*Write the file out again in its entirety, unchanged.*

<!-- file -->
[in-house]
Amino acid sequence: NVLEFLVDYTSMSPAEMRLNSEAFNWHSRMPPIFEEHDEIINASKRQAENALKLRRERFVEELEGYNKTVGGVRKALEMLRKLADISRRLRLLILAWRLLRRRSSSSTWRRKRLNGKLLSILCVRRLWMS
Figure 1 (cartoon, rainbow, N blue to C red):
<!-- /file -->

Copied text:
[in-house]
Amino acid sequence: NVLEFLVDYTSMSPAEMRLNSEAFNWHSRMPPIFEEHDEIINASKRQAENALKLRRERFVEELEGYNKTVGGVRKALEMLRKLADISRRLRLLILAWRLLRRRSSSSTWRRKRLNGKLLSILCVRRLWMS
Figure 1 (cartoon, rainbow, N blue to C red):